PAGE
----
Crypto firm Gemini picks Ireland as European base amid US crypto blues
Cameron Winklevoss has predicted a “Cambrian explosion” in European innovation once regulations are rolled out.
Crypto exchange Gemini has selected Dublin as the headquarters for its European operations, amid a backdrop of crypto companies seeking expansion outside of the United States.
On May 25, Cameron and Tyler Winklevoss, who founded Gemini in 2014, confirmed that they had selected Ireland as a base to grow the company’s services across Europe.
In a meeting with Ireland’s Prime Minister Leo Varadkar, the twins said that they chose the Emerald Isle because of its robust regulatory system, deep talent pool and established technology community.
Congratulations @Gemini -the first firm registered by the Central Bank of Ireland as a Virtual Asset Service Provider. This is significant for Ireland as the Government focuses on innovation as a driver of growth. I wish Gemini every success as they build their team in Ireland. pic.twitter.com/Y3WULIqwNc
— Leo Varadkar (@LeoVaradkar) May 25, 2023
According to research from August 2022, around 10% of Irish adults surveyed held cryptocurrency. However, the figure was down from 12% during the 2021 bull market. Furthermore, the Irish central bank chief called for a ban on crypto advertising in January.
This hasn’t deterred crypto companies from setting up shop there, including crypto exchanges Binance and Kraken, as well as countless blockchain and fintech startups.
Varadkar commented, “This is significant for Ireland as the government focuses on innovation as a driver of growth.” Cameron Winklevoss told reporters that “Ireland is our entry point into the EU.”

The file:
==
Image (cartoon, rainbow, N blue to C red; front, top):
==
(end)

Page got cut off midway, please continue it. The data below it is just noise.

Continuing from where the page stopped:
“We looked at all of the EU as potential entry points and we felt really comfortable with Ireland and the reputation of the regulator, the CBI, as well as the technology community and talent and the ecosystem. So for us, it was an obvious natural fit.”
Gemini, which already has a Dublin office with 12 staff, received a virtual asset service provider license from the Central Bank of Ireland in July 2022.
The firm plans to increase its headcount following the EU adoption of the new Markets in Crypto-Assets regulations (MiCA), which was officially approved on May 16.
The twins are predicting a big boost to the crypto industry following the rollout of the regulatory framework. “I think you’re gonna get a Cambrian explosion of innovation [in Europe as a consequence of MiCA],” said Cameron Winklevoss.
It is not the first overseas move Gemini has made. In April, the firm announced plans to establish an engineering hub in India to access its burgeoning pool of tech talent.
Related: Kraken receives virtual asset service provider authorization in Ireland ahead of MiCA vote
The move comes amid increasing regulatory pressure in the United States in what some industry observers have dubbed a “war on crypto.”
The Securities and Exchange Commission took action against Gemini in January, accusing the company of unregistered securities sales. “It’s definitely challenging, and there’s a lack of consistency,” commented Cameron on the state of things in the U.S.
The firm still maintains offices in New York under the Gemini Trust Company, LLC.
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